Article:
Nautical First Aid
Jim had worked spent the better part of a winter’s
worth of evenings and weekends working on his boat.
It was a beautiful wooden skiff, 16’ long, built
for lazy days of fishing with his family. He was excited
that his two boys, now 6 and 8, were old enough to
spend half a day in the boat without getting too bored
Jim had taken the boat out a couple of times by himself
to get the feel for it before taking his wife and
kids. Everything checked out, and one balmy Friday
he was able to talk his wife into going for her first
trip out with him. The day started out nicely, and
the boys were excited to be fishing with Jim in his
new boat that they had helped build. Jim’s wife
sat in the front, curled up with a book.
By noon the boys were getting hungry, and Jim took
the boat to shore for a lunch break. After a meal
of sandwiches and tortilla chips, Jim decided it was
time for more fishing. The boys were more excited
about swimming than fishing, and Jim’s wife
wanted to wait on shore to keep an eye on them. Jim
set back out on his own.
Fishing was slow, and by 4:00 Jim was feeling sleepy
and weak. He somehow made it back to the ramp (although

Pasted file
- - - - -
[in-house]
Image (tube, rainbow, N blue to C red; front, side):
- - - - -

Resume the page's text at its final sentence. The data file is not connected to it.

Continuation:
he doesn’t remember it exactly) and got the
boat onto the trailer. It was when he was loading
the boat back up that he passed out and collapsed
in the parking lot. An ambulance came and took Jim
to the local hospital, where he was diagnosed with
Heat Stroke, treated and released that night.
Have you ever been Jim?
This month we will deal with a seasonal problem:
Heat Disorders. Heat disorders tend to crop up during
the summer, when the weather is hot and folks are
outside. I’m sure at least a few of us have
felt tired and weak after a long day of boating. Most
likely it was some form of heat disorder. Let’s
take a look at the three main disorders.
Believe it or not, many functions of your body are
kept in good working order by salt. Salt (sodium)
and other electrolytes (minerals present in small
amounts in your body) allow nerve impulses and small